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Lecture

SOC101 2012 01 11 lecture

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Department
Sociology
Course
SOC201H1
Professor
Robert Brym
Semester
Winter

Description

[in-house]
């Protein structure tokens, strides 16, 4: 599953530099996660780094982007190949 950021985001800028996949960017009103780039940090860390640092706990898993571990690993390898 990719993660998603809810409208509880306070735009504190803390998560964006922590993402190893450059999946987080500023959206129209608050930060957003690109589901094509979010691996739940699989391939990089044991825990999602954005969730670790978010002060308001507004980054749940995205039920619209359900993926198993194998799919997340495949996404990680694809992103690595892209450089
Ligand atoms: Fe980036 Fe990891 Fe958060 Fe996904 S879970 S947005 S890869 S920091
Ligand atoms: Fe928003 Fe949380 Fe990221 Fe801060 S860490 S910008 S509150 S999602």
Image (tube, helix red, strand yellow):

2012-01-11 Sociology Gender Inequality Movie #1 Rosies of the North - Women came into the Canadian workforce mainly due to the socio-political forces (usually war). They were dismissed after the war. Since then, there has been an ongoing tension between men and women in the workforce and in the society Movie #2 Service in the Sky - Problem of race (the African-American waiter serving flight attendants), class (who could afford to take the airplane and even the class of women that could apply to become a flight attendant), and gender( main focus- flight attendant and the service sector. “Pink job?”) apparent in the movie. In Canada, - Women earn less than men even if they work at the same workplace and hold the same job - There is no occupation where women earn more than men - Women earn ~71% of what men earn for full-year, full time work $= 1(men): 0.71(women) - For women who are university graduates, they earn slightly more (~74%) - Canada has the largest wage gap between women and men in the 29 developed countries - The major factor for the inequality: presence of children - Even when women‟s poverty rate is at its lowest, 1 out of 7 women live below the poverty line in the wealthiest countries in the world. Four Social Mechanisms that Reinforce Gender Inequality Job discrimination - Microsoft employed about 1000 workers. They hired 2 women executives in order to get an air force contract. Bill Gates said that hiring women is beneficial because they can pay half of the wages and give female workers craft work. - Women were fired when they got married until it was stopped in 1955. And it was not refused until 1967. - More % of women on the job, the lower the wages are. Occupational Segregation - Pink jobs/ blue jobs: women‟s jobs like office work and sales representative/ men‟s job like factory work and engineering. Incomparable Worth - Skills required to perform jobs that are held by women pays less than skills that are required by men to hold jobs Disproportionate Family Obligations - “Double shift”: 3/4 of unpaid labour (childcare, housework and elderly care) is done by women in Canada. It means working all day at the workplace, coming home, then working again. - Many women are only able to work part time because of family obligations. So called “non-standard” work provides little or no benefits, union, or guarantee. It is more common among women and the wages are lower than full time jobs as we
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